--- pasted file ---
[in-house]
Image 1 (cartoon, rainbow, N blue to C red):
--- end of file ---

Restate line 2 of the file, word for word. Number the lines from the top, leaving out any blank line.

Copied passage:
Image 1 (cartoon, rainbow, N blue to C red):